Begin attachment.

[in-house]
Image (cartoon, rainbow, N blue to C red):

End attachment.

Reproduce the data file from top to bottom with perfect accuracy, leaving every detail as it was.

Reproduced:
[in-house]
Image (cartoon, rainbow, N blue to C red):